As an entertainment journalist, I don’t usually watch children’s movies. But now that I have a kid of my own, I figured, why not? And that’s how I ended up in a theater watching “The Secret Life of Pets 2,” feeling as though the main story line of the film was speaking only to me.
“The Secret Life of Pets 2” continues the story of a dog named Max — this time, voiced by Patton Oswalt instead of Louis C.K. — as he acclimates to domestic life with his owner’s new beau. It’s not long before he learns that they’re expecting their first child. And what first manifests as anxiety over the possible havoc this new child can wreak on his life quickly blossoms into an undying love for the baby boy, who we learn is named Liam. As it often does with first-time parenthood, that love evolves into a new kind of anxiety over protecting the child from any and every possible threat known to man.
Screenwriter Brian Lynch (“Minions,” “The Secret Life of Pets”) acknowledged his own parenting anxiety while we discussed the movie. The key to life is apparently to be more like Rooster — the seasoned prairie dog voiced by Harrison Ford in the sequel — who teaches Max that fear is a part of life, not a hindrance. During our conversation, Lynch went on to explain the personal inspiration behind Max’s story. This interview was edited for length and clarity.
What was your process for writing this sequel? As a parent with an 8-month-old at home, I’m curious if something specific happened in your life that informed the story of Max and the addition of this new baby into his life.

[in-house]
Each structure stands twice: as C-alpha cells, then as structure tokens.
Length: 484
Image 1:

Originally, Max was not going to look forward to the kid. Max was going to have problems with the kid until the end — when he was going to not only accept Liam but love him. But one of the problems was that it was a little too much like the first one in that Max has a problem with a newcomer and by the end, he learns to appreciate them. It popped in my headthat it shouldn’t be about, you know, not looking forward to the kid or learning what’s good about having a kid, because anyone that’s going to see this movie is either a kid or knows one or has one, probably. It should be about the excitement and the love you have for him, and how great they are — and the problems that come with that love, and that excitement.
The issues Max is dealing with in the movie are very relatable, especially to new parents. Did you have the parents in the audience in mind when you wrote this?